The recent e-mail that started:

"During my early years in physics I recall a physics teacher who habitually wore the sartorial grey dust coat (perhaps they all did). On one occasion he was demonstrating the principles of the hand operated lift pump when the pump outlet hose became entangled in the dreaded dust coat. Oblivious to this minor matter...." was from Rob Watts NOT Rod Wise. Apologies!! grovel... grovel...

Terry Hopkins writes:

"I went straight from School to Uni in Sydney and graduated in Vet Science and went into general practice in Australia - various parts. Went to the UK for a short period then came back to Australia. I was in practice again for a short time before joining Bayer for what I thought would be a temporary job. I have travelled a bit with Bayer and am currently head of R. and D. for the Animal Health Division of Bayer in Australia which includes international responsibilities. Married for 33 years.

Memories from school days.
I note with interest that few have mentioned their scholastic achievements but rather the atrocities that were committed. Perhaps that is what is remembered about school days. I also must admit to remembering almost exclusively the extracurricular activities rather than the education.

2E was at the bottom of the food chain. Business principles were taught instead of Latin which was offered to the higher social classes I was considered as having lost the plot because on coming to NSBHS I actually chose 2E with business principles. It seemed like a good idea at the time but the only thing I remember of business principles now is to always cross your cheques "not negotiable" and of course double entry book keeping. From the latter I remember that when you had a debit you had to find somewhere to put a credit. Unfortunately in life I have always had many more debits and very few credits to balance them so it hasn't really been a lot of help.To salvage something out of those many hours of work I have always religiously crossed and marked all cheques "not negotiable" so that at least I can point with great pride at something I learnt at school.

I think I heard somewhere that learning should be fun but we took it to extremes in 2E French class with our teacher "Grunt". In hindsight I realise that kids can be very cruel and I hope we did not destroy Grunt with our behavior . At the time these were the lessons I looked forward to each week. In French , academically 2E was outstanding. By outstanding I really mean stood out. At the end of the first term I can remember Grunt standing dejectedly in front of the class and telling us that he had had a dressing down from the deputy head because our class had achieved the record ( still unbroken I suggest) of only covering 2 pages of French reader in the whole term. This was greeted with a resounding cheer from the whole class Grunt seemed to think that the cheer meant we thought that this was a great achievement and quickly explained that it was terrible and we had to concentrate in the rest of the year. We were of course congratulating ourselves on how little we had achieved.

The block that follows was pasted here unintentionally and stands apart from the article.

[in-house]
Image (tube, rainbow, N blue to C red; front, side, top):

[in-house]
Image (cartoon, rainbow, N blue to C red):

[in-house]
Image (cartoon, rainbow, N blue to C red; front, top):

Our pace did not improve. I should add that this snails pace was only achieved by great innovation and mental gymnastics by almost everyone in the class to mispronounce, pretend to misunderstand very simple phrases or plead gross ignorance in translations. Grunt had infinite patience and never seemed to realise that he was being manipulated. While I learnt absolutely no French that year I did learn how to suppress laughter, how to turn hysterical laughter into a coughing fit when imminent herniation meant suppression was no longer an option. You would agree that these are valuable life skills so all was not wasted. Above this I learnt a level of hand , eye coordination far exceeding any modern day play station warrior. This elevated level of physical and mental prowess was needed to be able to participate in the process of passing 5 house bricks and 2, 5 foot ( they were feet in those days) lengths of timber around the class for 40 minutes without once being detected by Grunt. Under desk passes were for cowards or beginners, side passes for intermediates and overheads for professionals. I must have worn tight underpants that day or double herniation from suppressed laughter would have been the definite outcome. There are many more stories but I won't clog the airways with my particular memories. Good luck to all."

And finally, one of our number is in fact in communication with Charles Troutman and is finding out if he wants to hear from us. Perhaps there's a chance for an apology yet....